Many believe that you need a ton of horsepower to have fun. It began with supercars making 600, 700, or even more than 1,000 hp. Now mainstream brands offer cars with over 700 hp and it is ridiculous. If you want to have some real fun, it is not about a ton of unusable horsepower. It is about precise handling and great feel. The new Hyundai Veloster N tries to bring a great balance of performance to the table — and, boy, it is a ton of fun to drive.

The N is Hyundai’s new performance brand and it promises to be as good as those from Europe. To head the project, Hyundai stole Albert Biermann from BMW’s M division to head the project. Mr. Biermann knows a thing or two about high-performance cars. His greatest hits include the original BMW E30 M3 race car and the 1M Coupe.

Hyundai took the basic hot-rodding recipe and stuffed the larger turbocharged engine from the Sonata into the Veloster. Veloster N offers a 2.0-liter, direct-injected turbocharged powerplant over the Veloster Turbo’s 1.6-liter unit. The base Veloster N produces 250 horsepower, but you need to order the optional performance package which ups the power. When equipped with the optional performance package, the engine puts out 275 horsepower at 6,000 rpm and 260 lb.-ft. of torque from 1,450-4,700 rpm.

The turbo intercooler is isolated from the condenser and radiator for even more efficient cooling of the intake charge, and the system also benefits from a two-stage induction system for maximum output at all rpm ranges. The engine runs a high-compression ratio of 9.5:1. The high-performance engine is backed up by a close-ratio, short-throw six-speed manual transmission with downshift rev-matching capability. The transmission uses carbon-coated synchro rings and gear material reinforcement for smoother operation and has much closer ratios over the standard Veloster. The Veloster N clutch also utilizes a double-layer facing clutch disc design for increased burst strength and torque capability.

Hyundai developed a unique differential for the N with what it calls Power Sense Axle design. Veloster N’s Power Sense Axle geometry features a zero-scrub radius for more precise steering, quicker response, and a direct on-center feel, with increased steering linearity. The geometry is further optimized for linear torque buildup and corner-exit precision. Roll angle is also decreased due to a shorter roll-moment arm, resulting in enhanced grip. The motor-driven power steering system is rack-mounted and secured at three locations for reduced flex and more direct handling, especially during high-performance driving.

Unique suspension tuning is derived from a multi-mode electronically-controlled suspension, with a track-focused N mode available. The suspension uses a load-transfer control system that reduces dive during braking, enhances roll control during cornering and reduces rear suspension compression under hard acceleration. The electronically-controlled torque-vectoring limited-slip differential plays a big part in making the Veloster put its power down. The differential improves launch performance, reduces understeer and increases maximum cornering speed via precise torque-vectoring. The brakes also were upgraded with 13.6-inch performance rotors on the front axle and 12.4-inch rotors on the rear.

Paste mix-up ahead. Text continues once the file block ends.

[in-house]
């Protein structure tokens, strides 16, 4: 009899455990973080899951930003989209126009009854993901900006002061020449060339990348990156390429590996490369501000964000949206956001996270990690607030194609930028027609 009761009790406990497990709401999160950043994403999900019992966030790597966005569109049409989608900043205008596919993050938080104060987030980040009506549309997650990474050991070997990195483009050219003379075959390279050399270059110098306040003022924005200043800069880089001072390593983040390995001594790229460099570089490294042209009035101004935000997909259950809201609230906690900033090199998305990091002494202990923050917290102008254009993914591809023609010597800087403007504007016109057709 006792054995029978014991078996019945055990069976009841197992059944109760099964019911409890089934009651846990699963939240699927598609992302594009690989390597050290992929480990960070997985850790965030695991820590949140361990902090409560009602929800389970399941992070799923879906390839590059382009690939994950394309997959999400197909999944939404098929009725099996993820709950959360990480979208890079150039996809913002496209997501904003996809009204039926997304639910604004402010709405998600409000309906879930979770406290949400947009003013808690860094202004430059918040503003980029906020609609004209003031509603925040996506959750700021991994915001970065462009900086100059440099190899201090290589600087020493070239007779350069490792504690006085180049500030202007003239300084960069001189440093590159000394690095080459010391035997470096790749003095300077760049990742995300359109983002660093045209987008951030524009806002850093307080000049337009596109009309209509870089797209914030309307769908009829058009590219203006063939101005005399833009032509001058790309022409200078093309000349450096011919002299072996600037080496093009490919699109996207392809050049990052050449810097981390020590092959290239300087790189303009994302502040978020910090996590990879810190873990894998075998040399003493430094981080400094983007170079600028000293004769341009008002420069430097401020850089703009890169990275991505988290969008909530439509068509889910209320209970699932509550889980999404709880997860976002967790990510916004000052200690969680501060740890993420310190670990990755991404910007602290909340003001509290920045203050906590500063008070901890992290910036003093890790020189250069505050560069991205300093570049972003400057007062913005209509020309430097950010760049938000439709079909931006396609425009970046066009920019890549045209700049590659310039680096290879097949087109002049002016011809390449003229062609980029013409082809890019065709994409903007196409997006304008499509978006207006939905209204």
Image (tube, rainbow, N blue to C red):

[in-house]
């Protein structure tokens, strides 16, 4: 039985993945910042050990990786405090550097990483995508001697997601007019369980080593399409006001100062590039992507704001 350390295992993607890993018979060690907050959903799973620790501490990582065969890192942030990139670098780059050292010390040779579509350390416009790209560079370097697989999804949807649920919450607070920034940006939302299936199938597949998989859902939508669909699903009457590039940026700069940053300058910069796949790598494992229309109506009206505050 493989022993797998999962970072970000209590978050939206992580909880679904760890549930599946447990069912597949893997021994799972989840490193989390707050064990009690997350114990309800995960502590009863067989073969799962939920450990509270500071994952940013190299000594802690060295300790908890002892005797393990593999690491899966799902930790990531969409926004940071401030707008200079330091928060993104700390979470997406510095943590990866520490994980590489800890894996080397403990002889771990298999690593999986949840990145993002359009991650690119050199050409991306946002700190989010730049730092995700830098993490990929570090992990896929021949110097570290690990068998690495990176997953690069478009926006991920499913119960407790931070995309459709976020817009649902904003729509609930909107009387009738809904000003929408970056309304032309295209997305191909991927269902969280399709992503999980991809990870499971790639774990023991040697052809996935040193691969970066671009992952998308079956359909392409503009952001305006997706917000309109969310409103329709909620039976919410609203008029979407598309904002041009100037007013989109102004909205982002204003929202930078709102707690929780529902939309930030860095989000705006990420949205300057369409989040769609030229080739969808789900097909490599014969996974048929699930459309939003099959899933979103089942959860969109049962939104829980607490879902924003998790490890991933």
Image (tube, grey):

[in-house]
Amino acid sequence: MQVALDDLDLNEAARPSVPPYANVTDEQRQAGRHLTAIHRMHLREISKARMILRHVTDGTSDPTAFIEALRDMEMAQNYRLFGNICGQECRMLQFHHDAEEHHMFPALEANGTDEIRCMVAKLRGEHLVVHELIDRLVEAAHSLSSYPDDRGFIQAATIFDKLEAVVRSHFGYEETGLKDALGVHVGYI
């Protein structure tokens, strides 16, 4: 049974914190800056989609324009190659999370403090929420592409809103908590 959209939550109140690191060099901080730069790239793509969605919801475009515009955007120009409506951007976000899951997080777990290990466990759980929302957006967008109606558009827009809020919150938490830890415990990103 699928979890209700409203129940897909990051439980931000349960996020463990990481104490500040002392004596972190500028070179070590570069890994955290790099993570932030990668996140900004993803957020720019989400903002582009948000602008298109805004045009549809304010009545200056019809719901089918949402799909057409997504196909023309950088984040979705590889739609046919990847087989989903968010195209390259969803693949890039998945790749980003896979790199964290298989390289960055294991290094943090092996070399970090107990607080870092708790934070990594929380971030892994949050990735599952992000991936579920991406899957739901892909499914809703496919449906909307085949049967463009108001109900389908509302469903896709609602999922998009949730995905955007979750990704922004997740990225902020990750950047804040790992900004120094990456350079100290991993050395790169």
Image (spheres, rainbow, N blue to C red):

The result of all of these upgrades is a car that is a blast to drive. Hyundai allows the driver to select different modes for throttle response, exhaust note, suspension, steering assist, and stability control. Also standard is rev matching, which can be turned off. We selected the most aggressive settings and turned off the rev matching, and there was not a corner in sight that the Veloster could not eat up. The stiff suspension mode is too aggressive for most roads because it is very stiff, but otherwise the N handles superbly and it is one of the few front-wheel-drive cars that can be rotated with the throttle. The best part of the handling is the level of confidence that the driver receives from the chassis and the Pirelli P Zero tires. Unlike many higher-powered cars, the Veloster is easy to drive at the limit and never bites you.

Hyundai has done an excellent job with its first N car and it is a bargain at under $30,000. The N is a very limited edition model, so chances are that you will not see many on the road. Hyundai has not set any sales goal numbers, but it has said that sales in Korea have exceeded expectations. Let’s hope that means that more N models are headed our way.


Engine: 2.0-liter DOHC VVT turbo inline four
Horsepower: 275 @ 6,000 rpm
Torque: 260 @ 1,450 – 4,700 rpm
Front Suspension: McPherson strut, electronically controlled
Rear Suspension: Multilink, electronically controlled
Transmission: Six-speed manual
Axle Ratio: 4.154:1
Curb Weight: 3,117 lbs.
Base MSRP: $29,000
Image courtesy of Hyundai

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